By Jason Lange
WASHINGTON (Reuters) – Orders for a wide range of U.S.-made capital goods plummeted in September and consumer sentiment weakened sharply in October, signs that a budget battle in Washington has held back the economy.
New orders of non-military capital goods other than aircraft, an indicator of business spending plans, fell 1.1 percent last month, the Commerce Department said on Friday.
That could be a sign businesses were shutting their wallets as the fiscal debate was heating up in Washington.
A surge in volatile aircraft orders helped push overall orders of long-lasting factory goods to rise a more-than-expected 3.7 percent during the month.
But orders for durable goods, which include everything from toasters to tanks, fell 0.1 percent when factoring out transportation equipment.
The data suggests businesses may have scaled back investment plans as a political impasse in Washington threatened to lead the government to miss payments on its obligations, although firms also could be trimming these plans over more general doubts regarding the economy's strength.
"We are looking at a situation where businesses were preparing for the chaos in Washington which actually happened," said Joel Naroff, president of Naroff Economics Advisors in Holland, Pennsylvania.
The government impasse was eventually resolved in October, though not before a partial government shutdown left hundreds of thousands of people out of work for weeks and also delayed the release of a slew of economic data.
While the economy was already struggling before the government shutdown, economists estimate the shutdown will shave as much as 0.6 percentage point off annualized fourth-quarter gross domestic product through reduced government output and damage to both consumer and business confidence.
And even before the impasse, the pace of hiring by U.S. employers had slowed sharply in September.
Worries over the economic fallout helped push U.S. consumer sentiment in October to its lowest level since the end of last year, according to the Thomson Reuters/University of Michigan's final reading of consumer sentiment for the month.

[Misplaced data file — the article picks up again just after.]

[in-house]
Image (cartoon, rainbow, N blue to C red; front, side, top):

The survey's index for consumer sentiment fell to 73.2 in October from 77.5 in September. It was the lowest final reading since December 2012.
"This could cast a dark cloud over the year-end holiday season in terms of consumer spending," said Jennifer Lee, an economist at BMO Capital Markets in Toronto.
Separately, U.S. wholesale inventories rose more than expected in August, the Commerce Department said.
The federal government shut down for 16 days in the first half of October as Congressional Republicans sought to undermine President Barack Obama's signature health care law as a condition of funding the government.
The government also came close to breaching its borrowing limit, which compounded the crisis and could have pushed the country closer to a historic debt default.
Friday's data bodes poorly for the outlook for GDP in the third quarter as well. Shipments of non-military capital goods other than aircraft fell 0.2 percent in September.
These so-called "core" shipments, which the government uses directly for calculating total economic growth, have now fallen in two of three months in the third quarter.
"Most businesses are continuing to sit on their hands rather than aggressively invest and expand," said Stephen Stanley, an economist at Pierpont Securities in Stamford, Connecticut.
The data led Paul Ashworth, an economist at Capital Economics in Toronto, to lower his forecast for third-quarter economic growth to a 1.8 percent rate from a 2 percent rate.
Friday's durable goods report was part of the catch-up effort in publishing a backlog of economic data due to the shutdown, and the data included revised readings for durable goods orders in August.
Investors on Wall Street appeared to take little direction from the data. U.S. stock indexes opened higher on the back of strong results from companies such as Amazon and Microsoft.
(Reporting by Jason Lange; Additional reporting by Luciana Lopez and Richard Leong in New York; Editing by Andrea Ricci and Meredith Mazzilli)